INDEX FUNDS come in two flavors. The pioneers were of the mutual fund variety. With a mutual fund, you can buy and sell just once a day, with the share price established as of the 4 pm ET market close. If you purchase no-load index funds, typically your only cost is the fund’s annual expenses.
The upstart competitors are exchange-traded index funds, or ETFs, which are listed on the stock market. You can trade them throughout the day, just like any other stock. ETFs have exploded in popularity over the past two decades. They usually have lower annual expenses than comparable index mutual funds—but they ought to, because they don’t have the administrative costs associated with shareholders’ buying and redeeming shares. Instead, those costs are borne directly by the shareholders themselves. If you want in or out of an ETF, you have to go through a brokerage firm and trade the exchange-listed shares. That will mean paying the bid-ask spread, maybe a brokerage commission and perhaps an annual brokerage-account maintenance fee.
Which are better, index mutual funds or ETFs? Many folks end up with ETFs because they’re looking to trade frequently in and out of the market, a costly strategy that can quickly wipe out indexing’s low-cost advantage. ETFs also come in more varieties, so they may be your only choice if you want a more specialized index fund, and you can buy them no matter which brokerage firm you use. In addition, ETFs have the potential to be more tax-efficient than index mutual funds, thanks to a peculiarity related to the way ETF shares are created.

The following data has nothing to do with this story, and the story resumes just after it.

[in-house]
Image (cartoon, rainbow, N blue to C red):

ETFs will often be the better choice if you plan to leave your money invested for many years. But that doesn’t describe the behavior of many ordinary investors, who tend to change investments all too quickly. If that describes you, you may find that index mutual funds make more sense, because you’ll avoid the trading costs involved with frequent ETF purchases and sales.
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